Ken discussed many more cases of how Big Data can benefit society, and I found it an incredibly interesting topic: “we are moving into an era of Datafying aspects of living – just as Facebook datafies our friendships and Twitter datafies stray thoughts and whispers. In 50 years, we’ll look back to this time and compare how we manage data today to how we view bloodletting from the past.” I liked that comparison.
According to Ken, Big Data is a huge opportunity for Asia. It relies on three areas to succeed – skills, mindset and data:
- Skills – the technical tools to get the job done
- Mindset – the idea on what to do, thinking about the world in a data driven way
- Data – the most abundant thing of all
Globally, Ken sees this as a significant global shift, the likes of which does not happen often. He said it’s comparable to the early computer science revolution which really started in the 70s and 80s – and could only grow as quickly as Universities could graduate computer science professionals into the market. It was a decade before the Universities were able to catch up with demand. The core skill of Big Data is mathematics, and world-wide, this is where Asia always comes out on top. Ken believes the world leaders in Big Data will be people with the skills and insight to collect and interpret data – which means this is an area Asia can step forward and own.
But “in the next 15 years Big Data will become how it is done, therefore it can’t sit in a strategic silo. It needs to be technology for all,” said Ken.
Big Data means we have the ability to harness the social value of information to improve life for everyone, but there is one vital piece of the pie that needs to be taken seriously – privacy laws must be rethought and reconfigured. In Asia, where the current laws are not as rigid as the US and Europe, this provides an opportunity right now. However, Ken believes a comprehensive privacy debate is needed immediately and it needs to be conceived in line with the benefits for humankind, while also factoring in free-will.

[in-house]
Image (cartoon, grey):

To illustrate this point, Ken said: “we are moving from the issue of privacy to propensity – so the ability to predict crimes based on past crimes – however with propensity comes the need to safeguard freewill.” I actually found the freewill aspect fascinating, as understanding someone’s ability to do something, based on a whole host of data inputs, doesn’t mean they will actually do it – such as committing a crime. Therefore, in the future, will we act or intervene before something happens, potentially changing the path of someone’s life? Or do you allow that person to play out their life and only act when harm is done? Interesting right?
Makes one think of ‘Minority Report’ right?
It’s certainly a fascinating discussion and a hot topic in the business world right now, but one thing I know for sure – the collection and use of data is certainly going to keep the legal professionals busy for the next couple of decades.
As I expect it to be a strategic asset for communicators and marketers in the future, let me know if Big Data is on your horizon and what are your primary goals? Also the core issues you see moving ahead? If I don’t know the answer, I’m now surrounded by people who do.
With that, I am definitely looking forward to reading Ken’s book – Big Data: A Revolution That Will Transform How We Live, Work and Think – it’s next on my ‘to read’ pile.